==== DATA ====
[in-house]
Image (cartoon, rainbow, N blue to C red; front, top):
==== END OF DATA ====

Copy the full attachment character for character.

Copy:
[in-house]
Image (cartoon, rainbow, N blue to C red; front, top):